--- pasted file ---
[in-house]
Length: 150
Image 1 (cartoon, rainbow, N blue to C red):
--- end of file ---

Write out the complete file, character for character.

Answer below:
[in-house]
Length: 150
Image 1 (cartoon, rainbow, N blue to C red):